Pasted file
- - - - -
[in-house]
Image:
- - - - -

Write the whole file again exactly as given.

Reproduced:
[in-house]
Image: